- Purpose. This section expresses the reason for adopting the policy. For example, “WHEREAS, there is a need adopt a specific pet policy…”
- Scope and Intent. This section details who the rule will apply to, for what period of time the rule will remain, the extent of the rule, what the penalties are, and other specific ramifications. There may be several paragraphs in the resolution that address the scope and intent, each beginning with “WHEREAS…”
- Specifications. The first three sections of the resolution provide a basis for the specifications. The specifications tell those affected by the rule what they are to do. Put simply, specifications are the rules themselves. This section states something similar to “NOW, THEREFORE, BE IT RESOLVED THAT the Board of Directors hereby adopts the following pet policy…” It will go on to state all of the specific rules.
Resolutions can usually be adopted by a vote of the Board of Directors without homeowner consent. However, a conscientious Board would be well advised to seek the opinion of homeowners through open meetings or surveys, and perhaps create an ad hoc committee to provide recommendations. Some governing documents may provide that a certain percentage of the homeowners must vote to adopt the resolution, so Boards should check their community’s individual documents carefully before seeking to adopt any resolution. After a resolution is adopted, each member of the community should be made aware (most often thorough a mailing), and a copy of the policy should be placed in the community’s book of resolutions. If any exist, handbooks or welcome packages should be updated to reflect the new policy.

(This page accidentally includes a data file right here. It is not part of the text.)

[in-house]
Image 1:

Resolutions may be viewed as an alternative to amending the governing documents, but only in a certain sense. It is important to note that a resolution cannot conflict with the governing documents. For example, if the covenants state that each household may have no more than two domestic animals, the Board could not enact a pet policy that allows more than that. Additionally, under no circumstances can a resolution violate a civil statute or law. For example, a policy resolution could not be at odds with the federal Fair Housing Act, and in North Carolina could not contradict the Planned Community Act (for communities developed after 1999). If a Board is seeking to adopt a rule that is in conflict with the governing documents, then those documents must be amended. This is often a difficult, and possibly expensive, process. An overwhelmingly large percentage of the community must usually approve such changes, and an attorney’s expertise is necessary.
The success and usefulness of any policy depends greatly upon its need, its acceptance by homeowners, and its enforceability. By using the resolution process, Boards can maintain an air of transparency, fairness, and consistency in their rule-making procedures. By identifying the need for a rule, seeking homeowner input, and using the specific resolution format, the Board can maintain its level of trust and its viability in the eyes of homeowners.